Apple Inc. (AAPL) And Tesla Motors Inc (TSLA), Direct To Consumer

Apple Inc. (AAPL) And Tesla Motors Inc (TSLA), Direct To Consumer
Blomst / Pixabay

Perhaps the biggest fight Tesla Motors Inc (NASDAQ:TSLA) faces right now is the ability to sell its vehicles directly to consumers, but is this desire that different from what Apple Inc. (NASDAQ:AAPL) and other electronics manufacturers do? Not at all, says Forbes contributor Tim Worstall.

Apple Inc. (AAPL) And Tesla Motors Inc (TSLA), Direct To Consumer

Tesla Motors’ Battle

Tesla Motors Inc (NASDAQ:TSLA) has been fighting the battle at the state level in numerous battlegrounds as it attempts to beat back auto dealers, which have long held sway in state legislatures. The most recent chapter in the fight comes in the form of a White House petition started by a fan of the automaker, although that petition will likely have little impact on how Tesla is allowed to sell its vehicles.

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Worstall compares Tesla Motors Inc (NASDAQ:TSLA)’s attempts to sell directly to consumers with those of Apple Inc. (NASDAQ:AAPL), showing how the battle Tesla faces is largely political in nature. After all, Apple is allowed to set up Apple Stores which sell directly to consumers and compete with Best Buy Co., Inc. (NYSE:BBY), AT&T Inc. (NYSE:T) and every other third party retailer which sells Apple products.

Promoting Competition

Tesla however, is an automaker, so it is governed by a different set of laws which are backed by auto dealers. Worstall refers to an article by economist Lynne Kiesling, who wrote on Virginia’s laws regarding automakers and auto dealers. Laws in the state bar manufacturers from owning dealerships, preventing vertical integration as a way to promote competition—supposedly.

Similar laws in other parts of the market, like the electronics market, would also keep Apple Inc. (NASDAQ:AAPL) from setting up Apple stores and selling its products directly to consumers. Of course we don’t know how a law like this would affect the electronics industry, but Kiesling points out that vertical integration isn’t anti-competitive at the retail level. She also says that the laws auto dealers are backing are nothing but “a relic” from times when “the economics of vertical integration” weren’t understood well yet.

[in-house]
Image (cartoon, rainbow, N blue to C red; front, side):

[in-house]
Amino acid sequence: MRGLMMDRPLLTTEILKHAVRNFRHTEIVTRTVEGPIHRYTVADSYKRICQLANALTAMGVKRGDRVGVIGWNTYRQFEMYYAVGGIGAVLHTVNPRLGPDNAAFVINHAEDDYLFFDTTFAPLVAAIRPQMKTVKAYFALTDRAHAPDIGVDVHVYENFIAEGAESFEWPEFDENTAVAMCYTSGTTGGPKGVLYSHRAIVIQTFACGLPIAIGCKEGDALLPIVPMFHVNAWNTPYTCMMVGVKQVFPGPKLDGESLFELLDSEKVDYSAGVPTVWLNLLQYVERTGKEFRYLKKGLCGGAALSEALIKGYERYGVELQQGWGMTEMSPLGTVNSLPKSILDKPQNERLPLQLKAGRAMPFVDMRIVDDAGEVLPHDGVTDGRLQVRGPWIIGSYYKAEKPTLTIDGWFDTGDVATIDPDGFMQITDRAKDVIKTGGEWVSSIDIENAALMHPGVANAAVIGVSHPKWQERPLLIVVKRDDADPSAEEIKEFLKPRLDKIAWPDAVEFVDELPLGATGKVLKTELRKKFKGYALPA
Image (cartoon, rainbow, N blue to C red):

Apple And Tesla In Politics

Worstall notes that Apple Inc. (NASDAQ:AAPL) has not had to throw its massive heft behind paving the way so it can sell its products directly to consumers. He also says that electronics retailers don’t have the political power to influence laws the way auto dealers do, so Tesla Motors Inc (NASDAQ:TSLA)’s real problem essentially stems from politics. Auto dealers will lose out big time if Tesla is successful in its direct to consumer sales approach, so it’s natural that they throw their weight behind making sure that it doesn’t happen.

“Maybe selling cars direct is a good idea, maybe it’s a bad one,” Worstall wrote. “But we most certainly shouldn’t be leaving the power to determine whether it should happen or not in the hands of those who will lose out if it turns out to be a good one.”

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Michelle Jones is editor-in-chief for and has been with the site since 2012. Previously, she was a television news producer for eight years. She produced the morning news programs for the NBC affiliates in Evansville, Indiana and Huntsville, Alabama and spent a short time at the CBS affiliate in Huntsville. She has experience as a writer and public relations expert for a wide variety of businesses. Email her at
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